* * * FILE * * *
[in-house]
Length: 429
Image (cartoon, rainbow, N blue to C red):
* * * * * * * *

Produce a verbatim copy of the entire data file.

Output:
[in-house]
Length: 429
Image (cartoon, rainbow, N blue to C red):